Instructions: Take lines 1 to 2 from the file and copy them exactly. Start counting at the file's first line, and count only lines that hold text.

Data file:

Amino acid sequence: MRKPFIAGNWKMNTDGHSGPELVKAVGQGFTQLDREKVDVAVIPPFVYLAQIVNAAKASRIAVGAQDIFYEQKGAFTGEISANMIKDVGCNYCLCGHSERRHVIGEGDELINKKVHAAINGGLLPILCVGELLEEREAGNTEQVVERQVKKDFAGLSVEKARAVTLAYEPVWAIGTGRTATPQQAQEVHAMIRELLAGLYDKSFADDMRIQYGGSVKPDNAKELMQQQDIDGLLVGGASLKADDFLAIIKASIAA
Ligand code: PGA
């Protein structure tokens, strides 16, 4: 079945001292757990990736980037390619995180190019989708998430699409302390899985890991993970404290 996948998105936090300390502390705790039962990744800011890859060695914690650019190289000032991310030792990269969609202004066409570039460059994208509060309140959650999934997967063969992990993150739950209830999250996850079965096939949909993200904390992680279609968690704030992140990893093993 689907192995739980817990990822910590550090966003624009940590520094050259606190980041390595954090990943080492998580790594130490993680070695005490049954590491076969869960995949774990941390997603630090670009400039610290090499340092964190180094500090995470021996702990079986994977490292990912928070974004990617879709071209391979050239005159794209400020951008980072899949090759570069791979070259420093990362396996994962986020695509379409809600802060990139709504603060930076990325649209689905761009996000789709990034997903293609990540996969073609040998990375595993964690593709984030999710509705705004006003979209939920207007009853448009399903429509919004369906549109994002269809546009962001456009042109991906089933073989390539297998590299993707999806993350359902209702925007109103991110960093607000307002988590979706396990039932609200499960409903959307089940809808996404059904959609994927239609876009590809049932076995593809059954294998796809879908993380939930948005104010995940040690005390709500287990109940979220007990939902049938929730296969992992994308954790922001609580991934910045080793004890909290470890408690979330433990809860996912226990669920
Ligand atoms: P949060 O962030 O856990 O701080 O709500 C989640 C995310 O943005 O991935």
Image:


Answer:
Amino acid sequence: MRKPFIAGNWKMNTDGHSGPELVKAVGQGFTQLDREKVDVAVIPPFVYLAQIVNAAKASRIAVGAQDIFYEQKGAFTGEISANMIKDVGCNYCLCGHSERRHVIGEGDELINKKVHAAINGGLLPILCVGELLEEREAGNTEQVVERQVKKDFAGLSVEKARAVTLAYEPVWAIGTGRTATPQQAQEVHAMIRELLAGLYDKSFADDMRIQYGGSVKPDNAKELMQQQDIDGLLVGGASLKADDFLAIIKASIAA
Ligand code: PGA